Oscar Health said it will sell health insurance in six new markets, an aggressive expansion for 2019 despite continued regulatory and political assault on individual markets by the Donald Trump administration and Republicans in Congress.
The New York startup, which has made a big bet on offering individual coverage under the Affordable Care Act, has expanded Obamacare offerings this year to more states. That expansion into new markets paid off, with the insurer enrolling more than 250,000 in individual products under the ACA for this year.
Now Oscar has filed to offer insurance in nine states and 14 markets in 2019, “nearly doubling” its current footprint . The expansion is possible thanks to growth, improving financial operations and new funding announced earlier this year.
“Our six new markets will be spread across three new states — Florida, Arizona, and Michigan — and three additional large metro areas in Ohio, Tennessee, and Texas,” Oscar CEO and co-founder Mario Schlosser said in announcing the expansion. Oscar’s other co-founder is Josh Kushner, the brother of President Trump’s son-in-law, Jared.
The expansions come despite repeated and ongoing attempts by the Republican-led Congress and Donald Trump White House to end subsidies for individual customers, destabilize the market with unpredictable and 11th-hour regulatory changes and verbally trash the ACA’s individual coverage.
“In health care, legal, political, and regulatory uncertainties are a fact of business, but Oscar has remained focused on our long-term vision for a simpler, easier, and more affordable system,” Schlosser said. “This kind of relentless focus on building what consumers want means that Oscar can withstand and adapt to new environments -- both as we scale deeper into the individual market and begin to grow beyond it. In the six years since Oscar first launched, we’ve witnessed multiple legal challenges to the ACA, hundreds of attempts to replace it, and regulatory changes in the 11th hour.”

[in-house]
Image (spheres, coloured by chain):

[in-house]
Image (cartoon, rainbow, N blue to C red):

Oscar is expanding at a time larger players like Aetna, Anthem, Humana and UnitedHealth Group have either left or scaled back their Obamacare and related individual health insurance businesses. The larger players are scaling back or leaving the individual business after being unable to successfully manage the costs of sick patients signing up for coverage.
But Oscar said it’s expanding because its product has been popular with consumers and its members have therefore been engaged to get the right medical care, in the right place and at the right time.
“Each new member and interaction with the health care system offers Oscar an opportunity to refine our member apps and make better recommendations for care; to enable our population health leads and Concierge teams to drive more personalized interventions; to empower providers with easier tools that let them focus on delivering care,” Schlosser said. “That’s because Oscar built and owns the full insurance stack, from our claims system to our mobile apps, allowing us to constantly feed structured data back into system and fuel the member experience.”
Oscar has also established some notable relationships with medical care providers in the markets it has entered. This year, for example, Oscar began to offer co-branded individual insurance in Ohio with the Cleveland Clinic in five northeastern counties in that state.
Oscar's other new markets for this year include Nashville, Tennessee, and Austin, Texas, where it has individual products already in San Antonio. Oscar also returned to New Jersey to sell individual health plans on public exchanges under the ACA. Oscar has been in New York and the California markets of Los Angeles, Orange County and San Francisco.
“The confidence that stems from building a health care experience that consumers demand has served us well and will continue to do so in the future -- indeed, even as we announce new individual markets today, just three weeks ago we began enrolling small businesses for Oscar plans in Los Angeles,” Schlosser said. “In 2019, there will be yet more noise. But Oscar will still be here, stronger than before, in more cities than before, focused and inspired by the mission of better health care for our members.”